High fuel prices are causing many people to take a new look
at using solar panels for domestic hot water. And new incentives for
generating electricity from the sun are sparking greater interest in
photovoltaics. But does solar power really work in Vermont?
And does it make sense for your home or business? With our guest Jim Grundy, owner of Elemental
Energy, Inc. and a founding member of Renewable Energy Vermont,
we explore the economics and the practicality of using solar power in our region.
And we hear from Vermonters on and off the grid, about what it’s like
to live with solar power. (Listen)
Also, Adam Silverman of the Burlington Free Press fills us
in on the first degree murder trial of Christopher Williams for the
2006 Essex school shooting. Silverman has been blogging
the trial directly from the courtroom as well as filing daily reports. (Listen)
Finally, we cruise Southern Vermont’s
Harriman Reservoir in an audio postcard from the town of Wilmington.(Listen)
LISTENER COMMENTS ON ‘GOING SOLAR’ IN VERMONT
Donna writes from South Burlington:
It’s a bright sunny day and I expect to more than cover
my electrical and hot water use for the day with my solar electric and hot
water system. I had it installed last year and have so far reaped about 1,800 kilowatt/hours
of electricity from a small system. On a good day in the summer, I gather about
eight kilowatt hours.. I was surprised that in the winter, I can also
collect up to six kilowatt/hours on a sunny clear day.
Many people ask me about cost effectiveness of solar. I generally answer that the system cost less than a car, and actually does save me money– – something you cannot say about most other discretionary purchasesMy solar system should last 25 years, and probably will pay for itself in less than that.
Here is an important issue that you should bring up. Many houses in Vermont are still being built without good solar access from the roof or other areas close to the house. This ignorance of the value of good solar access is really going to hurt the people who buy these homes. In Boulder Colorado (with some of the best solar potential in the country, but also a lot of snow) homes over a certain size are required to install renewable energy systems to offset their higher usage. I think this is a great idea, since people who build and buy larger homes can more easily afford solar.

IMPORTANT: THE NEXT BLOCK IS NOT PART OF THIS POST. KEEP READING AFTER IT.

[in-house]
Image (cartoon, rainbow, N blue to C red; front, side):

Question from Sally in Westford:
How far away from the home can a solar PV panel be to still work? My house isin the leafy woods, but full sun meadows are very close by. In the winter thePV panels on the roof could work, but in summer, they probably would notbecause of the leaves. I’m just wondering if a more distant system could work for peoplewho live in wooded areas like mine.
Guest Jim Grundy’s response:
If the system is a grid connected solar system, the solar panel array can be quite distant from the house, up to 500 feet is possible without huge additional cost. For off-grid electric power systems, the panels should be closer. Up to 200 feet is possible with some extra expense. Solar hot water is best if it is installed on the house, or near to the house. Usually we would not want hot water collectors further than 20 feet away if possible. Deborah from Shoreham writes: One cheap and easy method to save a lot of money is to install a solar hot water pre-heater in which the incoming water would be warmed by as much as conditions allow, saving the pre-existing hot water heater from having to start with the frigid supply.
Doug from Underhill
My wife and I built a passive solar home in Underhill in the 1970s. We heat with wood and solar and have done so comfortably for 30 years. Our passive system simply means facing the house south, maximizing the amount of south-facing glass and making the house relatively tall and open to allow for efficient warm air distribution.
Because of the significant changes in sun angles here in Vermont our solar heat is self-moderating. In the winter the low sun angles brings the maximum heat. Cold January-February are the warmest for the house. We often don’t need wood heat on these days. In the summer, the south-facing windows do not get any direct sun and so the house does not over heat.
The large number of windows allow a small room to look and feel much bigger. This allows for comfort in a smaller house, which saves on everything.
Peter from South Burlington writes:
I live in what could be called a typical suburban house. Four years ago, we decided to add solar to our energy mix. We already had a high efficiency wood stove. Before installing the solar systems — both domestic hot water and grid tiedPhotovoltaics — we tightened up our electrical and hot water use. Now we generate on average 80% of our electricity from the sun and save between 150 and 200 gallons of heating fuel per year! We are a family of 4 and our house is approx. 2100 square feet. Green Mountain Power, our electrical provider, gives us full credit for each kilowatt hour we send back to them over the grid, and recently, they informed us that they will give us an additional six cents for each kilowatt we generate and give back to them. Soour payback will be even quicker than first estimated. We paid for it by not replacing an aging second car ($14,000 out of pocket after incentives.) In a nutshell solar energy has worked incredibly well for our family.